If, like us, you’ve spent every Sunday watching HBO’s The Last of Us over the past two months and have been left with a Cordyceps-sized hole in your
brain heart since the finale, we’ve got some good news for you. The heart-wrenching drama was actually filmed in various picturesque Alberta locations – which means your next getaway could be inspired by the video-game-turned-TV-series.
Sure, internet heartthrob Pedro Pascal (Joel) and the loveable, daring Bella Ramsey (Ellie) are most definitely the scene-stealers throughout each and every episode, but there’s no denying that their zombie-evading scenes wouldn’t be nearly as powerful without the backdrop of barren, post-apocalyptic cities.
While the show is technically set in the United States, it was actually shot exclusively in Alberta from 2021 onward. Scenes were filmed at 180 locations across the province, ranging from Grande Prairie to Waterton Lakes National Park, as Global News highlights.
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The show, which closely follows the beloved video game, has been a thrilling adventure from start to finish, but savvy travelers have had fun with spotting some of the province’s more notable landmarks, all of which were made to look like abandoned landscapes.
While the show reportedly used CGI and special effects to turn a lot of these Albertan locations into US cities, viewers have still been able to spot some familiar locales.
You can view the full list of locations via Google Maps, or read on to plan your next The Last of Us-inspired road trip.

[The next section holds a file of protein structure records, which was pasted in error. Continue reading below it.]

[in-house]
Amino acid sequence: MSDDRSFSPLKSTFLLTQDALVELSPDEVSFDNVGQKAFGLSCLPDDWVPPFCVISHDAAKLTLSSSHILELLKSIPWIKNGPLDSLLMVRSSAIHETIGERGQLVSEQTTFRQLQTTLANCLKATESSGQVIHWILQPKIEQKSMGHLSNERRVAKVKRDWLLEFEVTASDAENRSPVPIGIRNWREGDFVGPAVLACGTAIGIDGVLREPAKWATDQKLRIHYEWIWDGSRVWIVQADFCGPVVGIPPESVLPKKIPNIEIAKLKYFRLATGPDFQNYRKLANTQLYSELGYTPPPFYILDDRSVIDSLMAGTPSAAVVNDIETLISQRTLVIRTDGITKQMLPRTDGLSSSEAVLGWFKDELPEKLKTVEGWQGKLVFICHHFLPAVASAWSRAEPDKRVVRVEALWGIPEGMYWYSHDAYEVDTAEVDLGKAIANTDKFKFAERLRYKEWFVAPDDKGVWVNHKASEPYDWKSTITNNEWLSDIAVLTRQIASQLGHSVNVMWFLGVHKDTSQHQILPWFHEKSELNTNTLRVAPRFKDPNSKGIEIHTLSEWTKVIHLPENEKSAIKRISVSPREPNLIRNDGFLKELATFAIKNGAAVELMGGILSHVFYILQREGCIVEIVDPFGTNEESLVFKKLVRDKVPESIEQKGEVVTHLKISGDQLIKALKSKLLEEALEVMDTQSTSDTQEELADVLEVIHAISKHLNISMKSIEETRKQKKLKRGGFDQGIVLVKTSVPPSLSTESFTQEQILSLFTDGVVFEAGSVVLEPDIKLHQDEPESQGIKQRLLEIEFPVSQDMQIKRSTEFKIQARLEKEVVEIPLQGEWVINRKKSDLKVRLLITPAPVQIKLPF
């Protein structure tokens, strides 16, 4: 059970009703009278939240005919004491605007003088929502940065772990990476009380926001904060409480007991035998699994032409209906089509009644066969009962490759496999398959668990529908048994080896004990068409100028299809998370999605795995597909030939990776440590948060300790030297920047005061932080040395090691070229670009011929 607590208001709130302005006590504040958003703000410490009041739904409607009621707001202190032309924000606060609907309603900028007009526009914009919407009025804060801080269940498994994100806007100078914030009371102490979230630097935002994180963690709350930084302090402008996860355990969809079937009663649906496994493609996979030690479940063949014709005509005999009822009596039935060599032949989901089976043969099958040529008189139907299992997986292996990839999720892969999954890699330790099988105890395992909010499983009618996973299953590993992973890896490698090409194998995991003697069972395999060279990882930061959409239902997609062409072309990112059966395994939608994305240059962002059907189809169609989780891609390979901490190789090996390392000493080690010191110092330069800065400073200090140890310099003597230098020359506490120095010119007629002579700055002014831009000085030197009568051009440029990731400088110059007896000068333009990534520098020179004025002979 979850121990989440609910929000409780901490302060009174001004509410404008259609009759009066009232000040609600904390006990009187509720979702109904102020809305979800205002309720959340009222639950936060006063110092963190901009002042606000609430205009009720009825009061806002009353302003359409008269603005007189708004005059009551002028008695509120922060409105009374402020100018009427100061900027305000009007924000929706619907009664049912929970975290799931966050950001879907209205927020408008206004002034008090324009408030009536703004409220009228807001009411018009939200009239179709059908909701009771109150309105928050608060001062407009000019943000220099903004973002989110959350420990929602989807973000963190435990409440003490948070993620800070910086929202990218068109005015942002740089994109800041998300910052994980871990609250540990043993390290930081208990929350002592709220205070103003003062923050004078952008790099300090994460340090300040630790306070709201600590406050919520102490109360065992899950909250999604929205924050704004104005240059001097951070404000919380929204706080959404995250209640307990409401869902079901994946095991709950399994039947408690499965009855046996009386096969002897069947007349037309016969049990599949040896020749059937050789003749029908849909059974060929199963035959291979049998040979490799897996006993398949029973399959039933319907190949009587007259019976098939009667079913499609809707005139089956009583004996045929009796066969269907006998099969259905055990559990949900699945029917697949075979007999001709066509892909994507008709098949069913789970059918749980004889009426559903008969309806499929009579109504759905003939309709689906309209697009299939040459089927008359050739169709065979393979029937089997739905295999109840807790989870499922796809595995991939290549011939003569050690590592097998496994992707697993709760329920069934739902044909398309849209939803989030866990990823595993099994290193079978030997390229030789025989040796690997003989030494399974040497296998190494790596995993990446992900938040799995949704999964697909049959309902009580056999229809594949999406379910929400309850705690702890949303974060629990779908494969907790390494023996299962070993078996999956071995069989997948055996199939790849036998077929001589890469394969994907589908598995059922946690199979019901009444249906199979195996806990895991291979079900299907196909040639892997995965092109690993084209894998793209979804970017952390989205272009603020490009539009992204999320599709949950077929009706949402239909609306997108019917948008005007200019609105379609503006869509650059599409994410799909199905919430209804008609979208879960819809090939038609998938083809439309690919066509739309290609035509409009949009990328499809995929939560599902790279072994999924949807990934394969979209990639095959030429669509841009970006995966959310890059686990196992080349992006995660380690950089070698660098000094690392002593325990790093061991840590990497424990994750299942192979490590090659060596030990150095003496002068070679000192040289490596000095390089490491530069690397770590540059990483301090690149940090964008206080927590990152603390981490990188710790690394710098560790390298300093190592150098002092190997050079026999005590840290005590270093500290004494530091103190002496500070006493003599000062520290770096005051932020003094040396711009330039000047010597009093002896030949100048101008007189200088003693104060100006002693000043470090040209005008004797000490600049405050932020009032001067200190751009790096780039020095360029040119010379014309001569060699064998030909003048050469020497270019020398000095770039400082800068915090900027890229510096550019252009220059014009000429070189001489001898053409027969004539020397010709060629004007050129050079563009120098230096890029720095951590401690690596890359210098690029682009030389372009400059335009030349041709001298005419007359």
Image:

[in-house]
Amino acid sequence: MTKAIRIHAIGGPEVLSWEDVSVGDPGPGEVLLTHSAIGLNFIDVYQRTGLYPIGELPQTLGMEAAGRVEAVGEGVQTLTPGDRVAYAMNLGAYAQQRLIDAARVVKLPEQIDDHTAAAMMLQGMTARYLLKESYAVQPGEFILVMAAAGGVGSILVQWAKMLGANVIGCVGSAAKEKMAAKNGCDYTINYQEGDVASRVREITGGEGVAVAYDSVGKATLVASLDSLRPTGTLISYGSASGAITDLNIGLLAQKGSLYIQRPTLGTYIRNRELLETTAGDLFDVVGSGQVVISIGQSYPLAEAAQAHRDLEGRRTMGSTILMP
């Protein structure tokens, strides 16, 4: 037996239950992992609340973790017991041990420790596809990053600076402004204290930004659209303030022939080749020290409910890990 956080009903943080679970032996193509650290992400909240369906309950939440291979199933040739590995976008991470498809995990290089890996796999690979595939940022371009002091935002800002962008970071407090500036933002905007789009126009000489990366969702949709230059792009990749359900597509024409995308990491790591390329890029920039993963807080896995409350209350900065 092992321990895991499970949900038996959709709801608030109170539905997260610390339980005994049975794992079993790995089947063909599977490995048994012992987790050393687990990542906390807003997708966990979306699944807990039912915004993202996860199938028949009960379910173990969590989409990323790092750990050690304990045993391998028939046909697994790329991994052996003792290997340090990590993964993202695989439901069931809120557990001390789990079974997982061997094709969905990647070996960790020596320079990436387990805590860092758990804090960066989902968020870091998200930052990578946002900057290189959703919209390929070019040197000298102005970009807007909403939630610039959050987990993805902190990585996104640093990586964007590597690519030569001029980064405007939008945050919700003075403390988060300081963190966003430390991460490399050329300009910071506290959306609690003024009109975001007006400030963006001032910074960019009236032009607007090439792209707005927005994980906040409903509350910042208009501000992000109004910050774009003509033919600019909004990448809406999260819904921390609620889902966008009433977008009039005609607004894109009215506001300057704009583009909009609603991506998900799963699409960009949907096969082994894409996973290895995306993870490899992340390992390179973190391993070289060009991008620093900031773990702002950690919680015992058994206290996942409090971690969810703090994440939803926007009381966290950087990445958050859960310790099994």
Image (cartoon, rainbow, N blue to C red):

Note: Spoilers may lie ahead.
Episode 1, “When You’re Lost in the Darkness”
The devastating premiere episode of The Last of Us wasted no time moving viewers to tears, but (without too many spoilers) the premiere largely took place in downtown Calgary. The city was turned into a stand-in for Boston, and set designers transformed an industrial area behind the Calgary Stampede grounds into the Boston “Quarantine Zone” (QZ).
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Alongside the downtown core, viewers were able to spot everything from Inglewood to the interiors of some Calgary high schools to Bow River. Plus, southern Alberta’s Fort McLeod was turned into downtown Austin, Texas for the early fungus outbreak scenes.
Episode 2, “Infected”
Fans of The Last of Us are sure to remember the chilling cold open for “Infected” starring Christine Hakim as professor Ibu Ratna, who suggests “bombing” infected areas early on in the outbreak. That jarring scene was actually filmed at Southern Alberta Institute of Technology’s (SAIT) Senator Burns building. Many other rooms in the building also served as sets for the Jakarta hospital, from the main floor lounge to the basement.
Other parts of the show took place in modern day, starring beloved characters Joel, Tess (Anna Torv) and Ellie, who hike into a post-apocalyptic downtown Calgary. Plus, Alberta’s distinctive legislature building serves as a stand-in for the Massachusetts State House and more scenes from the episode were filmed in downtown Edmonton on Rice Howard Way.
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Episode 3, “Long, Long Time”
I still can’t think of The Last of Us episode three without feeling a few tears well behind my eyes. While there weren’t many bone-chilling scenes of infected in “Long, Long Time,” the episode followed the intimate connection between Bill (Nick Offerman) and Frank (Murray Bartlett) – a perfectly devastating depiction of queer love.
The episode was primarily set at Bill’s small-town-turned-compound, which was shot in Beachwood’s High River. Throughout “Long, Long Time” we also see Bill head to High River’s Mezzapa Gas Plant and a Lowes Home Improvement location in Calgary.
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Episode 4, “Please Hold My Hand”
The opening setting of The Last of Us episode four features some moving scenery near Strathmore, where you can spot a CGI-created train dangling from Lethbridge’s High Level Bridge/Viaduct.